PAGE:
I've seen some of my own party up in arms, whil the opportunistic Greens are offering a switch and the SNP ranting as usual about being left out of a rainbow alliance. So I think I have to tell you a little story about my own political journey.
Once upon a time I lived in a Lib Dem controlled council, but I left and since then (in 1997) it returned Liberal Democrat MPs.
Since that time I have worked for the ultimate coalition assembly of all powers in Northern Ireland. I have voted in 2003 on entering a coalition with Labour in the Scottish Parliament. I have been courted by both the SNP and Labour ahead of the 2007 council election with the aim of making deals for a coalition after the outcome and I have now agreed that the Conservative coalition is the best way forward for our country at this time.
Of those last three the first is a mix of First Past the Post and addional member top up, the second was by single transferable vote, the last of course was First Past the Post.
Here's the thing I would love to be back in the situation that Kingston council would have offered and even stronger after Thursday of allowing all the Lib Dem pledges to be inacted. Howvever, in 2003 when I entered the special conference to decide to enter a second partnership agreement I went in with questions. When the main two parties in West Lothian approached me, I had questions that would have needed to be answered. Again over the last few days I have had questions and many of them have been expressed on this blog.
I don't sit comfortably with the Conservatives, I cut my political teeth fighting them. I know many of my Lib Dem friends feel the same. I lean to the left of our party, I backed Simon Hughes to replace Charles Kennedy for example. I'm very much a social liberal with some economic liberal tendancies.
However, I do believe in electoral reform. I've seen it work in Northern Ireland and in Scotland, where people have to work together to get things done. People who do not always agree with each other all the time on all things. I have seen some combinations in a room to discuss real politics in Northern Ireland that you wouldn't believe if you look at the TV coverage of the time.
If my fellow Lib Dems agree that we need electoral reform to make a truly fair Britain they should know that there will probably never be an opportunity to hold absolute control by any party, including ourselves in some Scottish councils, ever again. In those circumstances it is a matter of who can step up to the plate and agree to get things done.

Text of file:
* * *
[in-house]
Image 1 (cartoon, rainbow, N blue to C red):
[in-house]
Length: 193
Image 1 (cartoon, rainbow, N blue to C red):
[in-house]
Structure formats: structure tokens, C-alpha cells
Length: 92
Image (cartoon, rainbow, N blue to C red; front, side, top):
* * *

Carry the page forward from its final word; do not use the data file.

For those who felt that we should have gone in with Labour and the rest look at how much lack of control Labour had over its own MPs while those discussions were going on. I note that the Guardian and some other commentators have said that the Lib Dems lack discipline, but that has not been seen in the last week, it is Labour who showed they lacked that common purpose.
Look at what I posted earlier of what the Lib Dems have actually acheived. Look also at the things the regressive Conservatives have dropped to enable us to get these things in there. Look at all that Labour only were prepared to do "in principle" they didn't even send the man responsible for the costs to talks, it was all dependent on Darling. Osborne and Laws who are not working together both knew the costs of making deals in the Liberal Conservative talks, the Conservatives were prepared to move towards us and our stand point something that Labour seemed to not want to do in the negotiation team and more tellingly in the wider PLP.
So here it is, the new politics is about working together after the results are in. It doesn't mean that I don't campaign hard against either Labour, the SNP, Tories or others. You don't believe me ask them. They know that I will hold them to task.
But whether in Northern Ireland, West Lothian, Scotland or the UK if you have to work together to get things moving, advancing and rolling along you best do that, or else the people, the banks and whomever will crucify you for merely fiddling while things burn all around you.